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Episode 44 - You Can Do Hard Things


There came a day when suddenly I realized I didn’t even know how to turn on the hot tub to the swimming pool. We had lived in that house for 10 years, and not once did I turn the hot tub on myself. Brian always did it. Whether it was for us, for the kids and their friends, for just for me, he always took care of it. Same with the pool equipment and filter baskets. Did you know that creatures, alive creatures, hang out or maybe they just get stuck, but there are alive creatures in the pool’s filter baskets? Oh, my goodness. Of course, I never knew this before because I never emptied the filter baskets. Brian did. Same with the sprinkler system. I didn’t know how to operate the automatic timer. Oh, there’s just so many other things that I had no idea how to do because I’d never done them before. And at first glance, everything looked too hard. Looking back, these things individually weren’t really so hard. But collectively, they sent me over the edge.

I was in a panic. And I was mad. Mad that I had been left behind to take care of all these things that I didn’t want to take care of. Ours was an inside/outside agreement. I took care of all the things inside the house and he took care of all the things outside. Well, that’s not exactly true. He took care of a lot of things inside the house, too. He was a treasure. But, there wasn’t one thing I wanted to take care of outside except for furnishing and decorating the back patio, which to me was just the best room in the house. The landscaping I merely enjoyed. He took care of it all.

So, imagine the day when I suddenly realized it was now all my responsibility. All of it. It was too overwhelming. So, I had a good cry. Or two.

A friend of mine had told me long before when we were talking about business related things that if she didn’t know how to do something she just looked it up on YouTube. Another friend does the same thing. She’s literally fixed things like a refrigerator, her car, replaced plumbing all by watching a YouTube video. Apparently, if you need to know how to do it it’s on YouTube. So guess what? When I needed to know what to do with my sprinkler system when the temperature dropped, I watched a guy on YouTube drain the line. When I needed to replace the weedeater line, I YouTubed it. I literally started doing things I never knew I could do. Okay, so there was one day when the dogs were left in the backyard by themselves too long and they started chewing the boards away on the gate. I’m pretty sure those boards were already needing to be replaced and were soft with wear, so they were able to pull back the boards and escape. So, since I had decided that hard things weren’t really that hard for me anymore, I determined to patch that gate myself with some boards I found in the garage. I knew Brian had a nail gun and a compressor. But of course, I’d never used those before. So I whipped out my phone, watched a few videos, and voilà, good as new. I felt so empowered by my newfound abilities that I got out that hedge trimmer and trimmed all the bushes. I bought weed and feed and fertilized that entire ½ acre front yard with a push spreader. I dug up dying rose bushes (and you know they were dying because no one in our house knew how to care for rose bushes, right?) So I dug those up and re-landscaped the whole front yard all by myself. All by myself. Then I moved to the backyard and did the same thing. I power washed my driveway, all the side walks, and the patio in the back. Anything I needed to know how to do, YouTube became my source. Now it’s true, not one of these things are really too hard to do. I’m sure someone listening probably does all these things themselves and they’d say, “eh, no big deal.” It’s true. But what made it seem too hard was the fact that 1) I didn’t want to be doing these things, and 2) the only reason I was having to do this now was because my husband died. And both of those together made everything seem just too hard.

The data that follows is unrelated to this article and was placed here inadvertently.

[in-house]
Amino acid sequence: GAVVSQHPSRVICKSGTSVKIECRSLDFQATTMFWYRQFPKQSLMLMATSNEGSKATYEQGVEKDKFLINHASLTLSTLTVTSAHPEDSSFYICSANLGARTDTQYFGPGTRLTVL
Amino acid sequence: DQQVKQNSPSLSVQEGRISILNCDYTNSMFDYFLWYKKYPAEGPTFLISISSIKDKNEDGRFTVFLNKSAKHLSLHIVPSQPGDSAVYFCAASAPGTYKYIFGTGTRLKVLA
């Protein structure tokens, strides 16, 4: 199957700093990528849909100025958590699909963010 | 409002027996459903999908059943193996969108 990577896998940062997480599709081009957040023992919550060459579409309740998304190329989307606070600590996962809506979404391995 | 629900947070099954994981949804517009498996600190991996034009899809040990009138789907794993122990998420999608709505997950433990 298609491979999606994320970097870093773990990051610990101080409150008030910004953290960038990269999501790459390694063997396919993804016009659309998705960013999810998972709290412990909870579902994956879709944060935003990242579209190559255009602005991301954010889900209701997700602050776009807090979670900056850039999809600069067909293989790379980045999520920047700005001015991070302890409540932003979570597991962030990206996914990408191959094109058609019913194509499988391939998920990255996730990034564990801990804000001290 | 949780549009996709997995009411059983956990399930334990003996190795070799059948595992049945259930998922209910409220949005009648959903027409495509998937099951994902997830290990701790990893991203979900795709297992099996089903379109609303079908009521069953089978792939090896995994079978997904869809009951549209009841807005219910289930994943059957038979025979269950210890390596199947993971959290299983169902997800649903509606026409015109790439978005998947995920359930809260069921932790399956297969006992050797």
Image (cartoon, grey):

But what seemed to have happened was, I thought something was hard because I had never done it before, but once I found out how to do it, it wasn’t so scary anymore. I found out that I could do hard things. And those hard things became integrated into my life as just another skill and ability that I had. It expanded me.